As you can imagine, keeping things under control is paramount. There is a theory that says cats can sense when puppies/dogs are under control and they will be more likely to engage if they feel it is safe to do so. If Kitty and Zelda can become friends, that’s great but at least they should learn to tolerate each other. We’ll go over some commands for Zelda in Chapter 12 but one of my most used commands with my five-year-old Shepherd, Cody, is “leave it.” That one is very applicable to possibly saving Kitty’s life and or your Shepherd’s eyesight if push comes to claw. Depending on what kind of relationship you see developing, carefully monitored face-to-face encounters can take place with Kitty always having an obvious escape route. Cats are always a wild card so nothing is certain in the feline-canine relationship.
Pleased to Meet You
Dogs and kids just seem to go together, don’t they? Properly socialized German Shepherds are generally very good with children but there is one thing to keep in mind about this particular breed. They have lots of energy (I mean that sincerely) and they act like puppies for a very long time. My five-year-old GSD has only now started to calm down a bit so in essence it’s been a five-year puppyhood. I make that point because they can get overexcited and overstimulated quite easily, and unless they are watched closely in their interactions with kids, it can lead to problematic behavior.
- Mixing toddlers and GSDs can be a particular challenge. From my experience, toddlers want to hang all over the dog and German Shepherds, not aware of their own size and strength, can easily knock the child down unintentionally. Special vigilance is required with little people and your German Shepherd puppy.
There are two classes of children as we all know. Your own well-behaved little darlings and everybody else’s kids. Let’s deal with GSD interaction and your family first.
Your Best Friend
Having a German Shepherd puppy grow up with your children can be a great experience for everyone involved. They have enough energy to match any child’s stamina. They’re incredibly smart and are easily trained for a variety of lifestyles. They’re protective of their family and always want to please. They do demand a lot of attention so the more bodies on hand to help occupy that keen canine mind the better. But as with all situations, a few guidelines for the home side won’t go amiss. The sooner they become house rules the better.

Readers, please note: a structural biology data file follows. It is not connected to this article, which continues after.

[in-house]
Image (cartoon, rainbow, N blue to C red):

Don’t torture the puppy. No hitting your new family member, no kicking, no pulling her tail.
Do pet her properly, from the head to the tail. German Shepherd puppies and adult dogs love the human touch, but in a respectful way.
Don’t roughhouse. This means you! That’s when kids and puppies get hurt.
Do play fetch. For a little while. Puppies need to burn off energy, plus it’s an opportunity to practice commands like “drop” and “sit.”
Don’t disturb your GSP in her crate. That’s her space and her refuge.
Do let sleeping dogs lie. Your puppy needs her rest and should not be disturbed during nap time.
Don’t feed your German Shepherd human food. Even the smallest tidbit can end up being a mess on the living room carpet.
Do leave the puppy alone at meal times. Some dogs are finicky eaters as it is and don’t need any distractions.
Don’t take the puppy’s toys away from her. Everyone loves her toys and so does Zelda, so let her have them.
One of the characteristic traits of the German Shepherd is that they are typically suspicious of strangers. When a full-grown GSD lets out that deep, rumbling bark and the hair stands up on his back making the imposing animal look larger than he already is, it can be an incredibly intimidating sight. That behavior, believe it or not, is part of their DNA. Remember their background as shepherds, guarding the flock and fending off danger. While the sheep are out of the picture now, and danger is not so much a part of our lives, the genetic urge remains. “That’s great,” you say, “but how do I keep my German Shepherd puppy from getting into trouble when a stranger shows up?”
Well, the introduction of your German Shepherd puppy to a stranger is a two-way street. The puppy needs to know what behavior is expected of it but so does the stranger, adult or child.